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III. CHARACTERS
 

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1.Creating Characters

 
(vi) CREATING CHARACTERS IN GROUPS
 

 

I used to work on creating characters as individuals. My first published novel, The Vicar of Morbing Vyle, is full of extreme grotesques, fabulous eccentrics. But I had huge problems when I had to work them in with the story and get them bouncing off each other. They were so self-sufficient, they didn’t really need anyone else. It took years of rethinking and rewriting before I could get them interacting in interesting ways.

A decade later, when I wrote the prequel, The Black Crusade, I’d learned my lesson. Although the characters are equally grotesque, I’d already built in forms of interaction, amongst one another as well as with the protagonist.

In the novel I’m now working on, where the characters are colourful but not grotesque, I’ve been thinking of them together from the very start. My ideas for the protagonist’s father and stepmother fitted in with the protagonist herself, but I wasn’t sure they were right until I discovered how they could also strike sparks off each other.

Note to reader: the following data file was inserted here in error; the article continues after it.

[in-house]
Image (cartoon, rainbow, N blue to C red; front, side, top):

As for the kids’ group, I dropped one of the friends who wasn’t working in well. Yes, he was an interesting personality in himself, and yes, he could get along with the others—but I needed more than just getting along. The other kids gave extra colour to one another, but not Wace. So, bye-bye Wace!

For maybe the first time, I also thought very hard about family groups. Families didn’t have a large role in my previous novels (I count Col’s family in Worldshaker as a special case), so I’d never thought much about the balance of like and unlike, of imitation and opposition. Half the work of conveying a personality is done if the reader can be read it off from a family situation. 

One family that fell into place with a ‘click’ was the family for the male lead. Not an obvious family, not similar to him in personality, but exactly the right family to make him what he is. I found exactly the right schoolteacher for him too!

There’s always another novel for an individual character—but not for a relationship or a group.
OTHER CREATING CHARACTERS TOPICS

(i) SOURCES FOR CHARACTERS

(ii) THE INNER FLAME

(iii) PAST BIOGRAPHY

(iv) SELF-JUSTIFICATION

(v) SELF-FORGETTING

(vii) CHARACTER-ARCS

(viii) MAKING CHARACTERS LIKEABLE

Other Characters Topics

2. Physical Appearance

3. Character Point of View

 

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Richard Harland.